The higher cost of rural living
A new research report, jointly published by the Joseph Rowntree Foundation and Commission for Rural Communities, has highlighted the higher living costs faced by rural households.
The report, “A minimum income standard for rural households”, found that people living in the countryside have higher costs and therefore need a higher minimum income.
This is despite there being generally little difference between the needs of rural and urban households.
The additional costs associated with rural living are attributed to having to use a car and the use of more expensive domestic fuel by rural households.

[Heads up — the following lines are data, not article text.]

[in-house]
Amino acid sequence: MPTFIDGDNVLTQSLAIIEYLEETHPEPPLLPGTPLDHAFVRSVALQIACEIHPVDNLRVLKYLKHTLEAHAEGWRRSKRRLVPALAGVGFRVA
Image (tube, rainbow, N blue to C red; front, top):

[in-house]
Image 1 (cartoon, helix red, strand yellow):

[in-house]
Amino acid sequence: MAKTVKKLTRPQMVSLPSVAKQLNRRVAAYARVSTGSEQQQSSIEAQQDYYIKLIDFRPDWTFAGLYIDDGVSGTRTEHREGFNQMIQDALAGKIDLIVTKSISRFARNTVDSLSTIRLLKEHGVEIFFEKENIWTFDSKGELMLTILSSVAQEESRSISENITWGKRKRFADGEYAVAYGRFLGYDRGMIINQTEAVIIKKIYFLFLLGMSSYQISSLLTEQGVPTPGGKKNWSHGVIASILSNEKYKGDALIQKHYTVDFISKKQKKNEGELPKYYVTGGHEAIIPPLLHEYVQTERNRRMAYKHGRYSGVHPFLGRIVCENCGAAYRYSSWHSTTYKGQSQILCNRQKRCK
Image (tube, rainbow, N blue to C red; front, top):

Within the report, an acceptable minimum income required for living in a remote village in the countryside is calculated as £18,600 a year. This compares with a minimum income of £14,400 a year for someone living in an urban setting.
What this means in practice is that someone living in a rural community would need to earn around 50% more than the minimum wage to afford an acceptable lifestyle.
Whilst many people have no choice about the area in which they need to live, those with a choice between living in a rural or urban community might consider these findings carefully.
Having to spend more of your income on essential costs, such as transport or energy, leaves less available to meet your other financial goals and objectives.
There is of course a lifestyle decision to make in addition to the financial arguments, with a rural lifestyle likely to be more peaceful than living in a town or city. Cost is only one contributory factor to a decision about where it is best to live.